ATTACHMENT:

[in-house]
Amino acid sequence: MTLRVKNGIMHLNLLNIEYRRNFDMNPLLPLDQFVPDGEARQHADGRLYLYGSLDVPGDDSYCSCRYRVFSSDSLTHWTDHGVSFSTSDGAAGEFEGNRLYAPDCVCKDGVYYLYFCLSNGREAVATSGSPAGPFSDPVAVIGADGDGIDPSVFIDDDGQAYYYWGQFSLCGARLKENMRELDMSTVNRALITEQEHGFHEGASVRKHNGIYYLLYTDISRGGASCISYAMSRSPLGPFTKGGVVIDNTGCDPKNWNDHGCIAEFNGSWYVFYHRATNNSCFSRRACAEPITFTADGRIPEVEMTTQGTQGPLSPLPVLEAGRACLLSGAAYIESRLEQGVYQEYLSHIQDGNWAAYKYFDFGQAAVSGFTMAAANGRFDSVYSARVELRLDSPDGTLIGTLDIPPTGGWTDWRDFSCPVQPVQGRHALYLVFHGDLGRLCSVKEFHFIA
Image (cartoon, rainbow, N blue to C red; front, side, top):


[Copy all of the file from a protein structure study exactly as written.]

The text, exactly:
[in-house]
Amino acid sequence: MTLRVKNGIMHLNLLNIEYRRNFDMNPLLPLDQFVPDGEARQHADGRLYLYGSLDVPGDDSYCSCRYRVFSSDSLTHWTDHGVSFSTSDGAAGEFEGNRLYAPDCVCKDGVYYLYFCLSNGREAVATSGSPAGPFSDPVAVIGADGDGIDPSVFIDDDGQAYYYWGQFSLCGARLKENMRELDMSTVNRALITEQEHGFHEGASVRKHNGIYYLLYTDISRGGASCISYAMSRSPLGPFTKGGVVIDNTGCDPKNWNDHGCIAEFNGSWYVFYHRATNNSCFSRRACAEPITFTADGRIPEVEMTTQGTQGPLSPLPVLEAGRACLLSGAAYIESRLEQGVYQEYLSHIQDGNWAAYKYFDFGQAAVSGFTMAAANGRFDSVYSARVELRLDSPDGTLIGTLDIPPTGGWTDWRDFSCPVQPVQGRHALYLVFHGDLGRLCSVKEFHFIA
Image (cartoon, rainbow, N blue to C red; front, side, top):